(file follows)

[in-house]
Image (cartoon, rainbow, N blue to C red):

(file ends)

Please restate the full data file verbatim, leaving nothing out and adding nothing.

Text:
[in-house]
Image (cartoon, rainbow, N blue to C red):